Letter: My violent childhood made me 'hard' enough to murder

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HOW much I agree with Geraldine Bedell ('The death of innocence', 28 November). Though my crime of murder was committed when I was an adult, it was because of my upbringing as a child that I acted as I did.

My stepfather had always threatened that if I were to ever come home from a fight in which I'd lost, he'd beat me and send me back to fight again. He wasn't shy to use a leather belt on me either. Nor to punch me or to kick me, as the mood took him. 'Hardening me up,' he called it.

To back down from anyone was to stop being a man. Foolishly, I took this belief into adulthood. Only in the past years, in which I've had time to think, have I made the connection between my upbringing and eventual crime.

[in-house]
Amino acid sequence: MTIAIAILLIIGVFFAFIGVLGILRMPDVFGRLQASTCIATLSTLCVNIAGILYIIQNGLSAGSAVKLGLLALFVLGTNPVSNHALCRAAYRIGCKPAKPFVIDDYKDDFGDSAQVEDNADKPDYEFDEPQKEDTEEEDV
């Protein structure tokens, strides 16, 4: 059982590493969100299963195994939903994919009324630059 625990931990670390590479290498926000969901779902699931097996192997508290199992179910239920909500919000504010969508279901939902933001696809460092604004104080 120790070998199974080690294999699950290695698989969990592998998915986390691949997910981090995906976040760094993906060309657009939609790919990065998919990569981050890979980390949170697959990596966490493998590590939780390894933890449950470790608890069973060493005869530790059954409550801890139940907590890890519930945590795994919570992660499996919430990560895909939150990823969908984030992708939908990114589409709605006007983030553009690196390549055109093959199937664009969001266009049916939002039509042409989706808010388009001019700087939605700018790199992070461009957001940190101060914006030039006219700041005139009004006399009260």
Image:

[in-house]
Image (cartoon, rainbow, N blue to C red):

I killed a man in what I believe to have been self-defence. But it could have been avoided. Had I been brought up differently, I may never have started arguing with him in the first instant. I would have backed down and ignored him and his friends; would have not known how to fight; wouldn't have wanted to fight; would have been able to control the situation as opposed to helping it get out of hand.

The only thing we can give the Bulger family is our sympathy. For I'm sure the whole country feels as though it's in mourning. But to the two young boys who killed him, we have to look to reasoning. To an understanding. But you may not find that understanding until they themselves have found it.

The tragedy is that it has taken the death of an innocent child in order for us to look at the innocence of children. And how that innocence can be abused at a very young age.

A lifer

HMP Kingston

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